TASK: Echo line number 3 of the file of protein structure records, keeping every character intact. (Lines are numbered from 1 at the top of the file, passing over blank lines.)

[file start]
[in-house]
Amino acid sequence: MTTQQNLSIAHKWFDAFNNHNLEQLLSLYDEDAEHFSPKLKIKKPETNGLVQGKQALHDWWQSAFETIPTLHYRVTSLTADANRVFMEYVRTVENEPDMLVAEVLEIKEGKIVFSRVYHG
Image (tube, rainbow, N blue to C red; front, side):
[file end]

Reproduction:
Image (tube, rainbow, N blue to C red; front, side):